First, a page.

- 1 in 20,000 births.
- In 50% of cases there are transverse reduction deficiencies of one forearm or hand without associated anomalies.
- In 50% of cases there are multiple reduction deficiencies and in 25% of these there are additional anomalies of the internal organs or craniofacial structures.
- Amputation of the upper extremity is usually an isolated anomaly, whereas amputation of the leg or bilateral amputations of all limbs are usually part of a genetic syndrome.
- Isolated amputation of an extremity can be due to amniotic band syndrome, exposure to a teratogen or a vascular accident.
- If the defect is unilateral, it may correspond to the femur–fibula–ulna or femur–tibia–radius complex. The former is non-familial, while the second has a strong genetic component.
- Hands and feet are present (may be normal or abnormal), but the intervening arms and legs are absent.
- Three syndromes must be considered in the differential diagnosis of phocomelia:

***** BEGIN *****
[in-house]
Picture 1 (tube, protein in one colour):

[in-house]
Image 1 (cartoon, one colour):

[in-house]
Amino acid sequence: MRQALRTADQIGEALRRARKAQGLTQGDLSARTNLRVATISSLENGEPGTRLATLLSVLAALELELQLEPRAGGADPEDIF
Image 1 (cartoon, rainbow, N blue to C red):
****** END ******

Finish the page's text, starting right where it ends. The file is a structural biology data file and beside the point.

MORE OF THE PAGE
- Roberts syndrome: autosomal recessive; tetraphocomelia, bilateral facial cleft, micrognathia, hypertelorism, ear and nose malformations.
- Thrombocytopenia with absent radius (TAR) syndrome: autosomal recessive; absence of radius bilaterally associated with thrombocythopenia,
- Grebe syndrome: autosomal recessive disorder described in the inbred Indian tribes of Brazil. Characterized by marked hypomelia of upper and lower limbs, increasing in severity from proximal to distal segments. In contrast to Roberts syndrome, the lower limbs are more affected than the upper extremities.
Congenital short femur:
- Classified into five groups:
- Simple hypoplasia of the femur
- Short femur with angulated shaft
- Short femur with coxa vara: this is the most common and is due to deformity of the hip, whereby the angle between the head and the shaft of the femur is reduced to less than 120 degrees.
- Absent or defective proximal femur.
- Absent or rudimentary femur.
- One or both femurs can be affected but the right one is more frequently involved.
- Femoral hypoplasia–unusual facies syndrome, which is sporadic, consists of bilateral femoral hypoplasia and facial defects, including short nose with broad tip, long philtrum, micrognathia and cleft palate.